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Australia to continue buying Canadian wheat in 2019-20: analysts

Australia, which made a rare purchase of Canadian wheat in the current marketing year, is expected to continue buying more wheat in the 2019-20 marketing year (October-September), as weather conditions remain difficult in key states, market analysts say.

Australia’s wheat output dropped 45.6% to 17.3 million mt in the 2018-19 marketing year from a record high of 31.8 million mt in 2016-17, owing to prolonged drought conditions, data from the Australian Bureau of Agricultural and Resource Economics shows. This forced the country to import wheat for the first time in 12 years.

Australia will see more wheat imports this year and through next year, James Maxwell, manager at Australian Crop Forecasters, told S&P Global Platts.

Queensland and northern New South Wales, where almost all of Australia’s high protein Australian Prime Hard wheat is produced, are facing as bad a season as last year, if not worse, and drought conditions remain, Maxwell said. “There will again be a shortage of the high quality wheat that is required for industrial purposes,” he said.

Australia’s Manildra Group, which bought the imported Canadian wheat, said it was the first time in the company’s history that exceptional drought circumstances had forced the requirement for high protein wheat imports, which is in short supply.

Australia is expected to import about 300,000-500,000 mt of wheat in 2019-20, likely from Canada, Maxwellsaid.

About 260,000 mt of Canadian wheat imports have been confirmed so far this year, Maxwell said.

A vessel carrying 60,000 mt of Canada Western Red Spring grade wheat is expected to arrive on August 23 at Port Kembla, New South Wales, while another vessel, possibly carrying 30,000 mt of Canadian durum wheat, is expected to reach Port Adelaide, Australia, on August 26, Maxwell added.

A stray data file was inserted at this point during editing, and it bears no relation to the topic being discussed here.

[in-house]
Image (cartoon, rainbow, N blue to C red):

Importing whole grain wheat into Australia is very rare, and involves a stringent process that assesses potential biosecurity risks posed by the imported commodity.

“It is highly unlikely the grain will come from anywhere other than Canada as the very strict requirements imposed on importers by [Australia’s Department of Agriculture] means they have to have every supply chain approved,” Maxwell said. “So if it was to come from anywhere else, the importer would pretty much have to go through the entire very costly approval process again.”

However, analysts and agencies predict Australian production to recover to 21.2 million mt in 2019-20, leading to smaller wheat volumes shipping into Australia.

“Canadian exports to Australia were a bit of a surprise but the volumes were still relatively small,” founder of Canada-based LeftField Commodity Research Chuck Penner told S&P Global Platts. “With a partial recovery in Australian production, I wouldn’t expect to see meaningful volumes flowing from Canada to Australia again in 2019/20.”

Imports will generally only be required during the worst droughts, and so will be rare, Australia-based Mecardo Analysis grain analyst Andrew Whitelaw said.

Even with a weak crop, Australia would likely import smaller volumes, but only because of logistics, senior commodity futures advisor at Canada-based PI Financial Corp Ken Ball said.

“They have the wheat, but it sometimes might be cheaper to ship it into [Eastern Australia] from the US or Canada, as opposed to railing it all the way from [Western] Australia,” Ball said.

Canada’s ex-durum wheat exports are expected to fall 2% to 18.9 million mt in 2019-20 (August-July) on the back of growing global competition, Agriculture and Agri-Food Canada acting deputy director Chris Beckman said.
Source: Platts

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